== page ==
Banks, the CRA and your TFSA
So, in March or April of every year, your financial institution(s) a.k.a your bank, sends the CRA details of the amounts you contributed or withdrew from your TFSA as of December 31st of the previous year.
For example, your financial institution(s) will, in March or April 2022, send details of all contributions to your TFSA accounts in 2021 from January 1, 2021, until December 31st, 2021. The banks do not send any transactions that occur in 2022 even though they send information about your 2021 in March/April of 2022.
How to find out how much you can contribute to your TFSA
This can be tricky if you don’t know where to look. Your CRA online account should not be the first port of call at the start of the year. Instead, call the CRA.
Calling the Canada Revenue Agency (CRA)
Call the CRA to find out how much contribution room you have. If you call them at the start of the year, bear in mind that the information they would have would not be up to date.
Better still, make this call between March and April. Also, if you’re an immigrant, make sure your entry/immigration date into the country is correct at the CRA. This is because, at first, the contribution room calculates from the inception of the TFSA program, or in some cases, not at all. Once you or any government agency update your immigration details, the CRA gives the correct contribution room you have.
If you don’t make sure this is kosher/good, and the CRA, as they usually do, recalculates the right entry date ‘500 years’ down the line, you’ll be owing taxes for overcontribution plus interest and penalties beginning from the very year the overcontribution started.
Yes, I know, I thought of Shylock too.
*So, please note that checking your CRA account in January may not give you the most accurate data. Remember, that number gets updated when your financial institution/bank sends the details in March/April.*
Also, by March/April, the CRA should have received information from all the financial institutions you have TFSA accounts, even those you may have forgotten about. This gives you the clearest picture if you have not been tracking the information yourself.
And, be wary of your financial institutions trying to sell you a TFSA product and asking you to move money from one account to the other. This has caused a lot of grief for people who don’t know what their room is or what the withdrawal and deposit rules of a TFSA are. I’ll talk about this later in this letter.
Though the intentions of your account manager are good, they don’t always know what your contribution room is and are also trying to sell a product. Graciously decline until you educate yourself about the withdrawal rules and what room you have available.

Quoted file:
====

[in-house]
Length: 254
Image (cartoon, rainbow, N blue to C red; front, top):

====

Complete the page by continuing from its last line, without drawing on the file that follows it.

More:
How do you know when you have contributed more money than you should have to your TFSA?
There are two major ways you know that you have overcontributed to your TFSA.
Looking at your transactions yourself
You can do this on your own or with the help of your accounts manager. If you keep track of your contributions alongside your contribution room, you will pick up on this. If you find that you have overcontributed, withdraw the amount immediately.
Receiving the TFSA Assessment Letter
When you get the dreaded letter from the CRA, then honey, you know you’ve over-contributed.
Unfortunately, those are the only two ways to know. No one will let you know that you have gone over the amount except yourself or the CRA. This is usually a rude shock to people who feel they should have been notified before being taxed.
Often, the tax letter comes in July and sometimes has an added penalty and interest to the TFSA tax you are required to pay. This is again because the CRA believes you should have a handle on your contributions and withdrawals just like you would a normal bank account. Since you are required to know the ins and outs of your TFSA account, when you find out about the over-contribution, the CRA also expects you to withdraw the excess and file a TFSA tax return by June 30 of the following year.
For example, if you realise you were over the contribution limit in May 2022, file the TFSA taxes by June 2023.
Common mistakes that lead to over-contributing to your TFSA
Working with wrong information
I’ve spoken to you about how to find what you can contribute. Remember, your CRA account may not give you the most recent data for the year. This data will change or remain the same after your financial institution/bank has sent in the details to the CRA.
Do not run with what your bank/financial institution has told you, especially if you have more than one TFSA account. It’s better to err on the side of caution and wait for the data to come in.
If you want to know the best time (and also the worst time) to contribute to your TFSA, click the link to the PDF report below. I’ll also add a list of what you will need to have included in a relief letter if the CRA has asked you to pay taxes. There are no guarantees about the response you’ll get, but it’s best to give them the details they want for them to consider your letter.
The safe bet is to wait a month after the banks/financial institutions send in this information. Compare the information your CRA account had at the start of the year, with what it has after April. It’s unlikely it’ll match if you made contributions in the previous year.
Contributing an amount and withdrawing the same amount or more and then putting that withdrawn amount back in the same year.
Yeah, I know. That was a mouthful.
But, check out the examples in the boxes below. Click on the arrows/crosses to give you access to the different examples.
For example, let’s say you can only contribute $10,000 in 2022. If you contribute $10,000 in April 2022 and then withdraw $5,000 in August 2022, wait until 2023 to put back the $5,000 you withdrew. If you put back that $5,000 in 2022, it is seen as an over-contribution.